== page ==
But, Cheever said, Haven For Hope doesn’t offer services for the working poor. Just the homeless.

“I have people who are off work, wanting to get home, grab the bus, and come by for food to go so that they can eat it on the bus on the way home,” she said. “And I don’t go and ask people in the line, ‘Are you homeless, are you working poor, or what exactly is your story?’ I don’t care if they are a Jew, a Christian, a Muslim, a Buddhist, an atheist. All I care about is that they are hungry.”

Brian Lane has come to Maverick Park for the past eight months to receive food from Cheever. He’s been living in and out of motels for the past two years, resorting to the streets when he’s out of money.

“(Cheever’s) a real good lady,” he said. “It’s a good nutritious meal, it’s like gourmet food. It’s the best meal that I’ve seen anywhere, right here.”

Brian Lane stares into the distance while waiting for food. Photo by Scott Ball.

Brian Lane looks off into Maverick Park while waiting for food. Photo by Scott Ball.

Lane said he doesn’t go to Haven for Hope for shelter or handouts.

“They’ve got too many drugs down there,” he said. “There aren’t too many of us who do go down there.”

On that Tuesday evening in April, Cheever was performing her weekly ritual of handing out food to those in need. She prepares the food in her commercial grade food truck, the Chow Train, packs the food in Health Department approved catering equipment, drives with the food to Maverick Park in her pickup truck, and disperses the food to the poor and homeless.

When she arrived to the park, she saw the usual bicycle cops she sees every Tuesday, but this time the four cops weren’t their usual friendly selves.

“I always see them every Tuesday and we wave and sometimes they come over and we chat about the menu,” Cheever said. “(On April 7) they looked pretty glum and I said, ‘Is there a problem?’ And they said, ‘Yeah, the problem is you.'”

Nathan Smith waits for the arrival of dinner. Photo by Scott Ball.

Nathan Smith waits for Joan Cheever’s free dinner in Maverick Park. Photo by Scott Ball.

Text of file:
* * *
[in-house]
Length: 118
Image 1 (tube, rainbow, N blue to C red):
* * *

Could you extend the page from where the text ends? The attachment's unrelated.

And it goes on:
One police officer told Cheever she was breaking the law because she was serving food from her pickup truck instead of from the Chow Train. Cheever told the officer he was infringing upon her religious freedom, and even tried to hand him a printed copy of both the Texas and national Religious Freedom Restoration Act. He refused both.

Cheever recalled the officer saying, “Lady if you want to pray, go to Church.”

“I said, ‘Officer this is how I pray. I pray while I cook, I pray while I serve, and this is my prayer,'” Cheever said.

So, Cheever bantered with the police for some time to ensure that the 45 people at Maverick Park that night didn’t go home hungry.

“(The officer) said I was lucky that they weren’t stopping me and I thanked him for that,” Cheever said, who has vowed to fight the citation.

Cheever said she started the Chow Truck to teach her children about compassion.

“I’m not a criminal,” she said.

 

*Featured/top image: A volunteer passes out free cups of soup in Maverick Park. Photo by Scott Ball. 

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14 thoughts on “Feeding the Homeless: Joan Cheever’s Simply Complicated Mission

  1. She has a permit to distribute food to the homeless from her food truck, just not her pickup truck. She got a citation because of a food safety law. I don’t think the city is objecting to her wonderful, charitable work, just that she needs to follow food safety laws.

    • FROM THE CHOW TRAIN– There are NO permits to serve food to the homeless just as there are NO PERMITS to serve food AND DELIVER from papa johns, dominoes pizza, bike waiter.com or any catering company in this city.

      the only requirement is that food comes out of a commercial kitchen & is transported safely. We have a licensed commercial kitchen on wheels. licensed & inspected every year by the city’s health & Fire Dept.